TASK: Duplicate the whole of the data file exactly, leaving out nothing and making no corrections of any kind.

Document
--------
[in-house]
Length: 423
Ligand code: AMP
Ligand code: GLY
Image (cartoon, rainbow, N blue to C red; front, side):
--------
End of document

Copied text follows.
[in-house]
Length: 423
Ligand code: AMP
Ligand code: GLY
Image (cartoon, rainbow, N blue to C red; front, side):